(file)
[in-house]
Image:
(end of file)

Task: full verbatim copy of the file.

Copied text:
[in-house]
Image: